Close by, the shelf with two yellow vases.

On the right – no, opposite – a wardrobe with a mirror.

In the middle the table where he wrote,

and three big wicker chairs.

Beside the window the bed

where we made love so many times.


They must be still around somewhere, those old things.


Beside the window the bed;

the afternoon sun used to touch half of it.


…One afternoon at four o’clock we separated

for a week only…And then

– that week became forever.


Before Time altered them



They were full of sadness at their parting.

They hadn’t wanted it:  circumstances made it necessary.

The need to earn a living forced one of them

to go far away – New York or Canada.

The love they felt wasn’t, of course, what it had once been;

the attraction between them had gradually diminished,

the attraction had diminished a great deal.

But to be separated, that wasn’t what they wanted.

It was circumstances.   Or maybe Fate

appeared as an artist and decided to part them now,

before their feeling died out completely, before Time altered them:

the one seeming to remain for the other always what he was,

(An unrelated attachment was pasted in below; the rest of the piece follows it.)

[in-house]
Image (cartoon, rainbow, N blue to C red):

the good-looking young man of twenty-four.




Translations from Greek into English © 1975  Edmund Keeley and Philip Sherrard


Constantine Cavafy (Konstantin Kavafis), 1863-1933,

lived and died in the port city of Alexandria, Egypt.

His father had worked in Manchester, England, founding

an import-export firm for Egyptian cotton to the

textile industry.  Between the ages of 9 and 16 Constantine

was educated in England – Victorian-era England – and

these years became important in the shaping of his poetic

sensibility (which would only emerge around the age of 40.)

Though he was fluent in English, when he began to write poetry

in earnest it was to be in his native Greek.

Cavafy never published any poems in his lifetime, rather he

had them printed privately then distributed them

– pamphlet-style – to friends and acquaintances.

His social circle was small and by all accounts he was not ashamed

of his homosexuality – but he did feel much guilt over

“auto-eroticism” – what we now call masturbation.